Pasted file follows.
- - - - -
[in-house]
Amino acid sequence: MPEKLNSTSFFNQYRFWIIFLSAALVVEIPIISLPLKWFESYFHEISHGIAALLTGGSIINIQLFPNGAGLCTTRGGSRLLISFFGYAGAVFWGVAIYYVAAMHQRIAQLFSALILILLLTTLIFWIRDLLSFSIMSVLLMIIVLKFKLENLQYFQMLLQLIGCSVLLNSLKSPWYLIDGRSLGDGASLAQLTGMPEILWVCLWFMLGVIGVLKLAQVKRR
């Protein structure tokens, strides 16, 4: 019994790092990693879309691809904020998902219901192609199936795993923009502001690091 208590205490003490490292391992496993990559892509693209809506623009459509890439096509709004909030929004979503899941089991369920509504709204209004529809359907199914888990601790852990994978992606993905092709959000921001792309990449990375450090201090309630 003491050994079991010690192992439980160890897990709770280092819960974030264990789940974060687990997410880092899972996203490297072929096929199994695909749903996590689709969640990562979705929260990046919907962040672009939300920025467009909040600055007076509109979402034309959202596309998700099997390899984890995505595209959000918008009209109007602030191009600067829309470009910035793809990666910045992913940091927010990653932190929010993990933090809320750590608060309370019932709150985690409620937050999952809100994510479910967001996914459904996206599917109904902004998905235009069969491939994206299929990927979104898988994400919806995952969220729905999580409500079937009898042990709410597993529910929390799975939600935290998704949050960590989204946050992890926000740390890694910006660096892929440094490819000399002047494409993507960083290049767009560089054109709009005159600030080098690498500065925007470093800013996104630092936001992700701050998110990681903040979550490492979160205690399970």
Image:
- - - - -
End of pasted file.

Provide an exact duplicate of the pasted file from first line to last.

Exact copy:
[in-house]
Amino acid sequence: MPEKLNSTSFFNQYRFWIIFLSAALVVEIPIISLPLKWFESYFHEISHGIAALLTGGSIINIQLFPNGAGLCTTRGGSRLLISFFGYAGAVFWGVAIYYVAAMHQRIAQLFSALILILLLTTLIFWIRDLLSFSIMSVLLMIIVLKFKLENLQYFQMLLQLIGCSVLLNSLKSPWYLIDGRSLGDGASLAQLTGMPEILWVCLWFMLGVIGVLKLAQVKRR
């Protein structure tokens, strides 16, 4: 019994790092990693879309691809904020998902219901192609199936795993923009502001690091 208590205490003490490292391992496993990559892509693209809506623009459509890439096509709004909030929004979503899941089991369920509504709204209004529809359907199914888990601790852990994978992606993905092709959000921001792309990449990375450090201090309630 003491050994079991010690192992439980160890897990709770280092819960974030264990789940974060687990997410880092899972996203490297072929096929199994695909749903996590689709969640990562979705929260990046919907962040672009939300920025467009909040600055007076509109979402034309959202596309998700099997390899984890995505595209959000918008009209109007602030191009600067829309470009910035793809990666910045992913940091927010990653932190929010993990933090809320750590608060309370019932709150985690409620937050999952809100994510479910967001996914459904996206599917109904902004998905235009069969491939994206299929990927979104898988994400919806995952969220729905999580409500079937009898042990709410597993529910929390799975939600935290998704949050960590989204946050992890926000740390890694910006660096892929440094490819000399002047494409993507960083290049767009560089054109709009005159600030080098690498500065925007470093800013996104630092936001992700701050998110990681903040979550490492979160205690399970």
Image: